Five years ago this month, the London Olympic Games – seen as a great success for Britain – came to a close.
At the time, the country was promised that the end of the Games would not mean the end of the success story, that there would be a lasting legacy for sport participation.
But, in England at least, that promise was broken.
The government gave Sport England £1bn to invest in grassroots sports, and Jeremy Hunt, then Secretary of State for Culture, Olympics, Media and Sport, saidthe Games provided an “extraordinary chance” to “reinvigorate this country’s sporting habits for both the young and the old”.
He described it as a “once-in-a-generation opportunity, a real golden moment for the UK”.
But there has been virtually no increase in participation in sport.
Since 2005, when London won the bid to host the Olympics, Sport England has surveyed people about their physical activity.
In 2005-06 the proportion of over-16s in England who played sport for at least 30 minutes each week was 34.6%. By 2015-16, it was 36.1%.
What about younger children?
From 2012, Sport England has included 14- and 15-year-olds in the survey.
School sport is included, so a higher percentage of this age group report playing sport once a week – about 70%.
And while it looks like there may have been a post-Olympic boost, the proportion then dropped back to just under 70%.
To look at participation rates for children younger than 14, we can look at Taking Part, an England-wide survey from the Department of Culture, Media and Sport.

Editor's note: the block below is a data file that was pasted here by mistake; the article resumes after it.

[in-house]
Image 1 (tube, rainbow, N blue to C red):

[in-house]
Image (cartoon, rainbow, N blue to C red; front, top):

Since 2011-12, this survey has asked a number of questions about the impact of the London Games, including whether hosting the Olympics encouraged respondents to take part in sport.
In 2015-16, nearly 70% of the five- to 10-year-olds answered: “Not at all.”
Of the 11- to 15-year-olds, 57% said the Games had encouraged them to take part in sport.
But the Taking Part survey has a similar measure to Sport England of playing sport for 30 minutes a week.
And, although it shows higher participation rates in younger children, overall, for both age groups, there has been no change.
But the sports legacy was part of a wider set of ambitions that included:
- economic regeneration
- improving transport links
- providing world class sporting facilities in London and across the UK
- the creation of a new green space, the Olympic Park
And the London Games legacy is evident when it comes to elite sport and medals.
Although British Athletics came sixth in the medal table at the World Championships last week, they hit their target.
And in Olympic and Paralympic sports as a whole, Team GB retain their strong position.
In the 2012 London Games, Team GB athletes came third in the overall medal tables for both the Olympics and Paralympics.
And in Rio, four years later, they came second in both – the first nation in the history of the Olympics to improve their medal tally following a home games.